photos-carnival-triumph-cruise-adrift-engine-fire Update, 9:13 a.m. EST: Passengers on the stricken Triumph "are doing well under the circumstances," Carnival spokesman Vance Gulliksen told Cruise Critic, after confirming the second tugboat has arrived on the scene. The two tugboats are now towing Triumph to Mobile.

Gulliksen also confirmed the line will be flying passengers from Mobile to Houston.

Update, February 11, 9:15 p.m. EST: Carnival Triumph will be towed to Mobile, Alabama, instead of Progreso, Mexico, as originally planned. In a statement, the line explained the ship has drifted about 90 miles north due to strong currents, which now puts it nearly equidistant to Mobile, Alabama. "Given the strength of the currents, it is preferable to head north to Mobile, rather than attempt to tow against them," the statement explained. Carnival now expects Triumph to arrive in Mobile sometime on Thursday, roughly the same time the ship would have arrived in Progreso. From there, the line said it will provide the necessary transportation to get passengers home. "Mobile also provides simpler re-entry [than Mexico], particularly for the 900 passengers traveling without passports," the line added.

The first of two tugboats arrived Monday evening and is tied up to the ship; the second is expected early Tuesday morning.

(February 11, 2013, 5:15 p.m. EST) -- Limited onboard systems have been restored on Carnival Triumph a day after an engine room fire left the ship adrift off the Yucatan coast.

There were no injuries from the fire, which the line says was contained by the ship's automatic extinguishing system.

As of 6 a.m. Monday, Triumph's freshwater system -- knocked out by the fire Sunday morning along with propulsion and sewage functionality -- was again operational. The sewage system was restored to the forward section, but was still down in the aft portion. Onboard engineers continue to work on the aft sewage system. There is no indication the propulsion system will be restored. The ship is currently positioned 136 miles north of Merida, Mexico. The U.S. Coast Guard cutter Vigorous has been on the scene since 12:45 a.m. EST Monday.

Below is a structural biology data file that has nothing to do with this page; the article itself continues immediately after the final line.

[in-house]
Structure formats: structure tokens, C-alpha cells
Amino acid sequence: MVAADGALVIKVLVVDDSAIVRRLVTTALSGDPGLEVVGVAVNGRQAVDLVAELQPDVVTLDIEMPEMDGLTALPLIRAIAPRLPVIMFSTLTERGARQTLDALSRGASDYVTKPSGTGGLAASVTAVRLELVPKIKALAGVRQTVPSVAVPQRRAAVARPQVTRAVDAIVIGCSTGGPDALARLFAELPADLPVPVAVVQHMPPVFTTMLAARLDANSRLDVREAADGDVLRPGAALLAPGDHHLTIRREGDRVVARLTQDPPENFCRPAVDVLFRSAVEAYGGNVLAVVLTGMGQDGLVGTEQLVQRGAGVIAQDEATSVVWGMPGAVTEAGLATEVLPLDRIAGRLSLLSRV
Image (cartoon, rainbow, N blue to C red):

Carnival Cruise Lines spokesman Vance Gulliksen added that additional hotel functions are also back online. "Power has been restored to a limited number of elevators and some power in the Lido dining area is providing for hot coffee and limited hot food service."

Emergency backup generators continue to power the ship's bridge and communication systems.

A team consisting of technical crew and passenger service personnel was expected to arrive via boat Monday afternoon, Gulliksen said.

After being confined to open decks and public spaces, the 3,143 passengers on the now-altered four-night Caribbean cruise from Galveston, have been allowed return to their cabins, said Gulliksen.

Meanwhile, two tugboats are "en route to [Carnival Triumph's] location and will tow the vessel to Progreso, Mexico, which is the closest port," Carnival said. The ship is expected to arrive in Progreso late Wednesday and passengers will be flown to the United States on chartered aircraft from there.

Triumph's fleetmates have been participating in resupply missions. Carnival Elation offloaded food and water (including pre-prepared perishable meals) on Monday. Carnival Legend, en route from Tampa, arrived on the scene around 3 p.m. Monday for second delivery. Legend also accepted a transfer of a patient in need of dialysis; the passenger will be taken to Cozumel.

A timeline for repairs to Triumph will be announced once the ship is in port and has undergone inspection, according to the line. Damaged suffered by Carnival Splendor from an engine room fire in 2010 kept the ship out of service for more than three months.

Cruise Critic member krogers2063 reports, "I just went on Carnival's Web site and did a mock booking and the next sailing that comes up for the Triumph is March 21st. That is my sailing. I pray it will be fixed by then."

This latest event comes just weeks after an issue with Triumph's propulsion system, which caused minor delays to two cruises. Gulliksen said Carnival has checked into whether the propulsion problem was related to the engine fire, but was told the cause of the fire is not yet known.

"A complete investigation will take place with the appropriate regulatory bodies, outside experts and other independent authorities as appropriate," he said.
--by Jamey Bergman, U.K. Production Editor and Dori Saltzman, News Editor